The short-term price swings in equity markets never cease to amaze me. How a stock could be down, due to a geopolitical event in a country where a company has no exposure in a single day, is borderline comical, but it happens all the time.
Just go back to August 2013, when the president of Syria used chemical weapons against his own people. The day the news broke, the S&P 500 closed down over 2% over fear that the U.S. government would take action.
The revenue exposure in the S&P 500 to Syria is effectively zero, yet somehow companies like Apple and Verizon were immediately worth 2% less than the day before, due to exogenous reasons that have no impact to the fundamentals of their business.
This is just one example of the absurdities that fuel the daily market swings. These events cannot be predicted consistently, nor can investors do much to prepare for them. All we can do is simply be patient, let the volatility take its course, and look for opportunities to profit along the way.
For example, nobody predicted the terrorist attacks on September 11, 2001, but those who didn’t succumb to the panic, watched the S&P 500 drop over 8% in a matter of minutes and create one of the best buying opportunities we’ve ever seen.
That day represented the worst attack on U.S. soil since Pearl Harbor, and it was still not enough to derail our equity market and/or economy. In fact, those who bought into the panic were rewarded just weeks later, as the equity market not only recovered but surged higher.
Think about some of the events that have grabbed headlines over the last few years. I can’t be the only one who feels like the world has become more unsafe, and that politicians are pushing our way of life down the wrong path at times. Take these events that hit stock prices last year:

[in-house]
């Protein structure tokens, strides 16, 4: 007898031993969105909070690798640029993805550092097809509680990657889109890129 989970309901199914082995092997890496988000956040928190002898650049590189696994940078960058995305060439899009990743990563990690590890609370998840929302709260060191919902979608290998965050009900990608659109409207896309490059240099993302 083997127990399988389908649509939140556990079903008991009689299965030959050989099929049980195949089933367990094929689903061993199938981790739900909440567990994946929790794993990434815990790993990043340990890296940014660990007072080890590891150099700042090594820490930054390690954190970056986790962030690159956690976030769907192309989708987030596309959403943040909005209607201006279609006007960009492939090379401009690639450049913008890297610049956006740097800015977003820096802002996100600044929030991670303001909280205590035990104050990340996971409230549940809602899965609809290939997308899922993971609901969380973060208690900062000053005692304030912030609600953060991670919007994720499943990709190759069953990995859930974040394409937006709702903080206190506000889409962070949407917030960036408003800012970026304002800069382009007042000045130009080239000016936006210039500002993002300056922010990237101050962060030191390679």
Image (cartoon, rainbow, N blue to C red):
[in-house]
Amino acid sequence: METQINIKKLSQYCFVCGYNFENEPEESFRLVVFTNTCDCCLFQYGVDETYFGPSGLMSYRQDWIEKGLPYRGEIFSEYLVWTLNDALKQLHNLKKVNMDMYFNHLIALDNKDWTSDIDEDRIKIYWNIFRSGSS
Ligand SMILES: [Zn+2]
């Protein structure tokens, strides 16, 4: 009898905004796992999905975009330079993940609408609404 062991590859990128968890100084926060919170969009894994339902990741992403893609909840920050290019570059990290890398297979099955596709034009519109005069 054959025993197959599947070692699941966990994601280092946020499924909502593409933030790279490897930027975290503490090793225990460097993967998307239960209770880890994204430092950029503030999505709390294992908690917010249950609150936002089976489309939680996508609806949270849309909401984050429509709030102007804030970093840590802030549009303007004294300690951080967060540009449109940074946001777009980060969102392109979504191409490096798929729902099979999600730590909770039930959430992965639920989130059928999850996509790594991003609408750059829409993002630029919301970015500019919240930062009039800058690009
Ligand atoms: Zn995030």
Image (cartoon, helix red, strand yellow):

1. Russia/Ukraine: Russia invades this neighboring country with force not seen from a developed nation in a very long time. The U.S. immediately enacts economic sanctions, which crushes the Russian currency and risks natural gas deliveries to Western Europe.
2. ISIS: This radical Islam movement comes on the scene with a level of brutality that shocks the world in an already unstable region, which continues to be a major source of oil for global customers.
3. End of Quantitative Easing: The Fed takes one step closer to raising interest rates by ending their multi-year bond buying program, which wreaks havoc periodically throughout the year, as traders assume that stocks must fall since the Fed is moving closer to hiking rates.
Each of these events impacted equity markets in the short-term because volatility is fueled on emotion, and emotions ran high in each of these situations. However, they were short-lived, and disciplined investors who bought into the panic were able to build to existing positions at very attractive prices.
NOTE: Investors often ask how I can tell the difference between a volatility spike and a real reason to sell. The litmus test I use is to determine if the reason for the selloff will materially impact earnings for companies. If the answer is “yes,” which is the case when our economy is entering a recession, then it’s time to get out. However, the overwhelming majority of the time, the answer is a resounding “no,” and this is the best time for a value investor to look for deals.